Perhaps you see what I’m getting at with this.

It is frustrating and tedious, but in an interesting way. It gives the players a glimpse into what it must be like to have OCD, but also from a purely horror perspective, it builds tension. Even players who systematically wander the halls will get a stomach-churning sense of deja vu when doubling back to find an item or potential exit. If being chased by a monster of some kind, it is impossible not to feel as though the number of exits have been depleted.

The overly attentive explorer will also feel the tension builds as the possibility for death becomes a reality within the confines of this bizarre other-world.

Speaking of death, it’s not quite like Super Meat Boy, but death is immediate and without many of the normal trappings of dying in-game. The player snaps awake in a bed nearby the last place he left off. However, even with that in mind, stepping out into a world of what I’ll call “identical variety” can be daunting, especially if you’re not entirely sure where you left off.

Also true is the fact that the line between death and progression is often blurred, and death is sometimes necessary to move forward. Players will spend some time problem-solving minor puzzles, but for the most part their trips are unimpeded.


The creatures that wander (and often chase you through) the hallways are extreme metaphors for what the player is experiencing, and they reinforce the tone, which never slides out from under its own dark, unrelenting shadow. There is something to be said for a work that remains intentionally bleak, and Neverending Nightmares manages to do so with only the slightest slivers of actual, outright narrative.

Most of what would be considered story has to be inferred by the player, and that is a risk that ultimately paid off. The game uses its own slight acquaintance with plot in order to augment its surrealistic nature. The music, too, should absolutely be mentioned for adding to the unnerving, bizarre quality of the game without ever attempting to take it over.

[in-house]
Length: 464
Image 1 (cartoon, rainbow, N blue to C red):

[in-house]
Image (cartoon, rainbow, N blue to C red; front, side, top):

If any caveats for Neverending Nightmares exist, they have to revolve around time. Thomas, in his frightened, asthmatic state, moves slowly. Very slowly. He can sprint, but it’s a pretty slow gait, even then, and he wheezes such that it’s almost not worth using. It is an interesting gameplay mechanic, especially where it reveals the main character’s weakness, but sometimes just moving ahead is a slog.

The only other potential drawback is that the game is quite short. I clocked in at just over two hours and was just beginning to feel a groove when the credits started rolling. And though there is an option to replay scenarios, with such experiential games the need for replay is often very low. Outside of streaming it, I don’t see myself replaying Neverending Nightmares.

This is a great fixture in the wave of great new horror games of the last few years. It manages to be scary and meaningful, an interesting statement not just about the creator’s experiences but about the act of experiencing a game, period.

The Final Word: Neverending Nightmares is a game that bridges the gap between interactive story and video game, and it brings not just some provocative art but an attention to subject matter that is often marginalized in the genre.